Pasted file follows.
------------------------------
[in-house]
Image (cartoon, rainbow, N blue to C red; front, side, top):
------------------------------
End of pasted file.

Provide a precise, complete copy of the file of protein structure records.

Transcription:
[in-house]
Image (cartoon, rainbow, N blue to C red; front, side, top):